Ever saw The Texas Chainsaw Massacre? I gotta get the heck out of Texas!
The stars aligned perfectly for the last eight months. From the beginning of my trip in Las Vegas, to the end in Mexico City, this unplanned plan could not have gone any smoother. Teaching English in Nepal and Guatemala has exceeded my expectations, along with the volunteers, travelers, and locals I met there. No one tried to mess with me and nothing was stolen. All 17 of my flights went without any bumps or delays. I even earned a voucher for a free flight in the future from volunteering to board a later flight while I was on a layover in Los Angeles. The money I budgeted was just about perfect. I was only sick once but with a common cold that lasted about a week. The major factor that played into my excellent journey were all of the friends that took care of me in their respective countries. I saved a boatload of money just from their generous hospitality alone. They all took care of me well! I stayed with friends in The Netherlands, Ireland, United Kingdom, Germany, Austria, Costa Rica, and Mexico. I account most of my globetrotting ease to them.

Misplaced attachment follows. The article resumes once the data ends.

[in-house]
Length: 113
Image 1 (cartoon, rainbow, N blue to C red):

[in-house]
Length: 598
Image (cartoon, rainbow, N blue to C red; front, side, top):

I left Sam and Katie in Mexico City to Reynosa, a town bordering Texas. Getting there wasn’t bad, I was just concerned about my sand and wine getting across the border. All my life I’ve heard horror stories about the Texas/Mexico border and how seedy and strict the patrol could be. This would be my first time attempting to cross it. Once I make it there then its smooth sailing back to Michigan! At least that was what I hoped for.